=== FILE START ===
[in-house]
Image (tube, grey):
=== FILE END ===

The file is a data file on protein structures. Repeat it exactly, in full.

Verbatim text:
[in-house]
Image (tube, grey):